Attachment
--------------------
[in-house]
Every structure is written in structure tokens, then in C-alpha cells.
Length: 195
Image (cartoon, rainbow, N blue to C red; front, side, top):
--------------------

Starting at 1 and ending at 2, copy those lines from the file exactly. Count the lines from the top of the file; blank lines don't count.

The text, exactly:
[in-house]
Every structure is written in structure tokens, then in C-alpha cells.